No Christian tradition, other than the Syriac, has ever adopted a harmonized Gospel text for use in its liturgy. However, in many traditions (given the inherent tendency of Christian liturgical texts to ossification), it was not unusual for subsequent Christian generations to seek to provide paraphrased Gospel versions in language closer to the vernacular of their own day. Frequently such versions have been constructed as Gospel harmonies, sometimes taking the Tatian's Diatessaron as an exemplar; other times proceeding independently. Hence from the Syriac Diatessaron text was derived an 11th Century Arabic harmony (the source for the published versions of the Diatessaron in English); and a 13th Century Persian harmony. The Arabic harmony preserves Tatian's sequence exactly, but uses a source text corrected in most places to that of the standard Syriac Peshitta Gospels; the Persian harmony differs greatly in sequence, but translates a Syriac text that is rather closer to that in Ephrem's commentary. The Diatessaron is thought to have been available to Muhammad, and may have led to the assumption in the Koran that the Christian Gospel is one text.
An Old Latin version of Tatian's Syriac text appears to have circulated in the West from the late second century; with a sequence adjusted to conform more closely to that of the canonical Gospel of Luke, and also including additional material (such as the pericope of the adulteress), possibly from the Gospel of the Hebrews. With the gradual adoption of the Vulgate as the liturgical Gospel text of the Latin Church, the Latin Diatessaron was increasingly modified to conform to Vulgate readings. In 546 Victor of Capua discovered such a mixed manuscript; and, further corrected by Victor so as to provide a very pure Vulgate text within a modified Diatessaron sequence, this harmony, the Codex Fuldensis, survives in the monastic library at Fulda, where it served as the source text for vernacular harmonies in Old High German, Eastern Frankish and Old Saxon (the alliterative poem 'Heliand'). The older mixed Vulgate/Diatessaron text type also appears to have continued as a distinct tradition, as such texts appear to underly surviving 13th-14th century Gospel harmonies in Middle Dutch, Middle High German, Middle French, Middle English, Tuscan and Venetian; although no example of this hypothetical Latin sub-text has ever been identified. This Latin Diatessaron textual tradition has also been suggested as underlying the enigmatic 16th century pro-Muslim Gospel of Barnabas (Joosten, 2002).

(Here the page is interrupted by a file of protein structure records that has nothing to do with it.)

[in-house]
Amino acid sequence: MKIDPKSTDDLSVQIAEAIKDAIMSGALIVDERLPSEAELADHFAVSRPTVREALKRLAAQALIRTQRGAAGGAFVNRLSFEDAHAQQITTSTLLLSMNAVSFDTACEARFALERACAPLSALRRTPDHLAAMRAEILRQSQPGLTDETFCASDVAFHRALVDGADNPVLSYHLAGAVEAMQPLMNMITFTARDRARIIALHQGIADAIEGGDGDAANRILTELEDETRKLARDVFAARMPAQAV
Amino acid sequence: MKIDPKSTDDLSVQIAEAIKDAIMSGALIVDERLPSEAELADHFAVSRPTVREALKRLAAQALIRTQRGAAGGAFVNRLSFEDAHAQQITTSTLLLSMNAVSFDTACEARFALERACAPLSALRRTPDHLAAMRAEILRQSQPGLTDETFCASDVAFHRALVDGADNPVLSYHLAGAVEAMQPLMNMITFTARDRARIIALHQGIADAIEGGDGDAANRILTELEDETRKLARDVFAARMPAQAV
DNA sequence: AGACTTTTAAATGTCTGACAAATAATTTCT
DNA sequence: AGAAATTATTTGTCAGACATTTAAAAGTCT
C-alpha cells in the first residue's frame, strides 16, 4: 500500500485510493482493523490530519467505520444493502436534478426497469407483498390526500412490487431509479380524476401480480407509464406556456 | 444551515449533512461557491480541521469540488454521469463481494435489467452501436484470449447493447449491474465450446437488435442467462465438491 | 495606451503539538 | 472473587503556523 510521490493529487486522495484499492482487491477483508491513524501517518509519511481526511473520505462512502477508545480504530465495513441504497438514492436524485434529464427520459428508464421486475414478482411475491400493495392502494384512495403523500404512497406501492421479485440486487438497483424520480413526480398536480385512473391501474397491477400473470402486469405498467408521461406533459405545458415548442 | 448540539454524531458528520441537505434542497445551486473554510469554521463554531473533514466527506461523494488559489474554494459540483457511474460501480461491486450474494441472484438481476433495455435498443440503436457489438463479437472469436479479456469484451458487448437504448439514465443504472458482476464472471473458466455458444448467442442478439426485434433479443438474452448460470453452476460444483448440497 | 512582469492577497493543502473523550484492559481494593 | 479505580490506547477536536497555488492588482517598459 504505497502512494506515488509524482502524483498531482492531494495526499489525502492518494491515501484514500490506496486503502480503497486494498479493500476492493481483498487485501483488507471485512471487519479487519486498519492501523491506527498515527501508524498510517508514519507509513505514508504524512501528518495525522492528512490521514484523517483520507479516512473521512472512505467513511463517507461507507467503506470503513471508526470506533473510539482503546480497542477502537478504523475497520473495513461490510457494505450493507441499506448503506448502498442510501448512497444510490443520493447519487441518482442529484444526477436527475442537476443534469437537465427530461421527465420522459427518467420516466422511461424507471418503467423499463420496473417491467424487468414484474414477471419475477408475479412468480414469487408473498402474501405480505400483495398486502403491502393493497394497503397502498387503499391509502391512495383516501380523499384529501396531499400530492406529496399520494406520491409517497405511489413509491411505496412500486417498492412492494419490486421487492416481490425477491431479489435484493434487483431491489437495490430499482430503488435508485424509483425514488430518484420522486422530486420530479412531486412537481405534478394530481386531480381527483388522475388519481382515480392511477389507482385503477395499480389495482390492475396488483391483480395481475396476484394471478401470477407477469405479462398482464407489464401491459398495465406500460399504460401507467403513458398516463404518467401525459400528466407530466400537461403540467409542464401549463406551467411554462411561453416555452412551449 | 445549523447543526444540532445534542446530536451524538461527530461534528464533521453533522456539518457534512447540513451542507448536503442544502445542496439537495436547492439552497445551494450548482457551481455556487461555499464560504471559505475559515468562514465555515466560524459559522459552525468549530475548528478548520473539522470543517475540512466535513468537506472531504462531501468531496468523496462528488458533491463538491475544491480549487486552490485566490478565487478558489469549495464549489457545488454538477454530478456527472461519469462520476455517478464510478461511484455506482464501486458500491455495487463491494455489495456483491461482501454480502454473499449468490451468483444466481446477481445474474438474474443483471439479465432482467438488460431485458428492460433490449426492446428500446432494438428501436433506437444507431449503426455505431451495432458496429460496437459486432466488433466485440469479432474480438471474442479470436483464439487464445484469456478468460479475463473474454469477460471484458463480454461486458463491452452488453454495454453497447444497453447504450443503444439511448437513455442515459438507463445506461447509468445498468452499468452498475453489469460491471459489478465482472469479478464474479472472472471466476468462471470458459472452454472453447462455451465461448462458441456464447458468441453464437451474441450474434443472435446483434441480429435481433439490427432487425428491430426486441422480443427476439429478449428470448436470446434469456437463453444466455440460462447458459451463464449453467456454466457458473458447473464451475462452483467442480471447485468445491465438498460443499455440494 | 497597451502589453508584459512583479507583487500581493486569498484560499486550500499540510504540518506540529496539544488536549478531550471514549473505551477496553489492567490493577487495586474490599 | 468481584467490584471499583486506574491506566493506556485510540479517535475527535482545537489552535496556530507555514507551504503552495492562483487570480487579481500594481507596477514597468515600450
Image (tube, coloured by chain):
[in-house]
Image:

Tradition of Gospel harmonies

The name 'Diatessaron' is Greek for 'through four'; the Syriac name for this gospel harmony is 'Ewangeliyôn Damhalltê' ('Gospel of the Mixed'). Indeed, the Syrian Church also rejected John's Book of Revelation and the Pastoral Epistles. They were included again only in the middle of the sixth century.
In the tradition of Gospel harmonies, there is another Diatessaron, reportedly written by one Ammonius the Alexandrian, to correct perceived deficencies in Tatian's. (Note that this Ammonius may or may not be the Ammonius Saccas who taught Origen and Plotinus). None of this revised Diatessaron survives, except as it may have influenced the medieval Arabic and Latin texts that were formerly the only existing reflections of Tatian's work.
Gospel harmonies are valuable in studies of biblical texts, since they frequently offer glimpses of earlier versions of texts. In particular, due to their not having been copied as frequently as biblical texts, more of the earlier versions survive (as newer copies did not exist to replace them). As such, the extant texts contain within them portions of earlier versions of the gospels than the earliest separate gospels known.
In addition, because the Old Testament quotations in the Diatessaron are separately translated from the Hebrew - and hence independent of the Septuagint - these quotations form an important early witness to the vocalisation of the Hebrew Bible.
The Qur'an, in referring to Christians and Christian scripture, only makes reference to one gospel. From this it has been inferred that the Arabian Christians of the 7th century were habitually using a harmonization such as the Diatessaron as their principal scripture.

See also



  • Carmel McCarthy, 1994. Saint Ephrem's Commentary on Tatian's Diatessaron: An English Translation of Chester Beatty Syriac MS 709 with Introduction and Notes (Oxford University Press) ISBN 13: 9780199221639 The first English translation.
  • William L. Petersen, "Textual evidence of Tatian's dependence upon Justin's Apomnemonegmata, New Testament Studies 36 (1990) 512-534.
  • Jeffrey Tigay, editor. Empirical Models for Biblical Criticism. Philadelphia: University of Pennsylvania Press, 1986
  • Leslie McFall, 1994. "Tatian's Diatessaron: Mischievous or Misleading?" Westminster Theological Journal 56 (1994): 87-114.
  • Jan Joosten, 2002. "The Gospel of Barnabas and the Dietessaron" Harvard Theological Review 95.1 (2002): pp 73-96.
  • Jan Joosten, 2001. "Tatian's Diatessaron and the Old Testament Peshitta" Journal of Biblical Literature, Vol. 120, No. 3 (Autumn, 2001), pp. 501-523

External links

diatessaron in Arabic: إنجيل رباعي
diatessaron in Czech: Diatessaron
diatessaron in German: Evangelienharmonie
diatessaron in French: Diatessaron
diatessaron in Italian: Diatessaron
diatessaron in Dutch: Diatessaron
diatessaron in Norwegian: Diatessaron
diatessaron in Polish: Diatessaron
diatessaron in Swedish: Diatessaron